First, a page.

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‘Legalize all immigrants!’
Demand 25,000 demonstrators in New York
Actions for immigrant rights continue across U.S.
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Largest U.S. auto parts maker, Delphi, to void union contracts
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A socialist newsweekly published in the interests of working people
Vol. 70/No. 15April 17, 2006


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(lead article)
‘Legalize all immigrants!’
Demand 25,000 demonstrators in New York
Actions for immigrant rights continue across U.S.
AP/Frank Franklin
More than 25,000 immigrant workers and supporters rally April 1 in Manhattan’s Federal Plaza after marching over the Brooklyn Bridge. Signs say, “Legalize all immigrants.”

NEW YORK—“We’re here, we’re not leaving, and if you kick us out, we will come back!” protesters chanted here April 1 as they marched across the Brooklyn Bridge. About 25,000 people, mostly Latin American-born workers, took part in the demonstration, which poured into Foley Square in lower Manhattan.

It was one of a series of protests around the country against HR 4437, known as the Sensenbrenner bill, passed by the House of Representatives last December. The bill makes it a felony to be in the United States without proper documents or to aid undocumented immigrants.

“We are workers, not criminals” was often chanted along the march route and appeared on many preprinted and hand-written signs.

“All the laws make things difficult for the undocumented,” said Luis Yumbla of the 9-11 Latin American Workers Committee. Yumbla, originally from Ecuador, said he lost his license as an asbestos worker because the boss demanded a Social Security number. His group is made up of immigrant workers who were hired for the cleanup after the 2001 attack on the World Trade Center, but were given inadequate or no safety equipment for work in the toxic debris.

Union contingents at the New York march included a busload of members of Laborers International Union Local 79 and a group from Service Employees International Union Local 1199. A dozen members of United Food and Commercial Workers Local 348 from the Sweet N’ Low plant in Brooklyn carried their signs in the protest.

Most of the demonstrators came on their own or were organized by community or church groups. The action was promoted widely in the Spanish-language press and radio.

On March 25, more than half a million people turned out in Los Angeles to protest HR 4437. Under the impact of this and other recent demonstrations nationwide, the Senate Judiciary Committee voted March 27 not to include felony charges in its proposal. An alternate bill has been introduced in the Senate by Republican John McCain and Democrat Edward Kennedy. It would establish a pool of “guest workers” with fewer protections than other U.S. residents. Undocumented workers would have to pay hefty fines and application fees to receive a temporary work visa for six years, during which they would be required to maintain their job, a condition tying their status to their employers and allowing the U.S. government to track their movements. After six years they would be able to apply for permanent residency. The bill would also beef up the border police.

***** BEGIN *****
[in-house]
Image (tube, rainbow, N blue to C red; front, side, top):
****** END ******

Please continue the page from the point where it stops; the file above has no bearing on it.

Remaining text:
Seeking to tap the widespread anger among immigrants at the Sensenbrenner bill, some politicians are promoting the McCain-Kennedy proposal as an alternative, saying it would allow many of the 12 million undocumented immigrants to gain legal status. Speaking along these lines, several Democratic politicians addressed the New York action, including U.S. congresspeople Charles Rangel, Nydia Velázquez, and Anthony Weiner; and State Senator Ruben Diaz.

Among the demonstrators, there was a mix of opinions about the proposed bills. Carolina and Ricardo Rodríguez, from Winchester, Virginia, said the McCain-Kennedy bill would be a “step in the right direction. It’s better because six years is enough. Most people come for that.”

Mayra Hernández, a student at the Columbia School of Social Work, said the McCain-Kennedy bill was a form of “legalized slavery” like the U.S. government’s 1942-64 bracero program. A contingent of 50 from an alliance of Chinese immigrant organizations marched in opposition to both immigration bills.

Summing up the feeling of many marchers, María González, a house cleaner and baby sitter originally from El Salvador, said, “These laws make our lives hell. We have a right to a driver’s license and other things in order to live.”


Among other actions that day, 5,000 people marched to the state capitol in Oklahoma City, Oklahoma, against a proposal in the state that would bar undocumented workers from Medicaid, food stamps, and other programs, and require state workers to report on applicants whose documents they suspected.

In Newark, New Jersey, hundreds of students marched calling for passage of the federal Development, Relief, and Education for Alien Minors (DREAM) Act that would provide undocumented high school graduates temporary residency so they could attend college and be eligible for reduced in-state tuition rates.

On March 31, some 2,000 students in San Diego skipped school to attend an immigrant rights march and rally. Another 1,000 high school students marched in Bakersfield, California. About 2,000 protesters, most of them high school students, rallied that day in El Paso, Texas.

More than 2,500 people marched in Yakima, Washington, April 2. In Miami that day hundreds gathered outside the Orange Bowl to demand amnesty for undocumented workers. More protests are planned nationwide for April 10.

Eric Simpson from Miami and Cecelia Moriarity from Seattle contributed to this article.
Related articles:
Amnesty! Legalize undocumented now!
How Chinese, other immigrants were excluded from U.S.

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